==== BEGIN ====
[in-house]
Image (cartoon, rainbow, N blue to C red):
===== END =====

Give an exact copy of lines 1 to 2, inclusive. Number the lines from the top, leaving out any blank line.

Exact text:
[in-house]
Image (cartoon, rainbow, N blue to C red):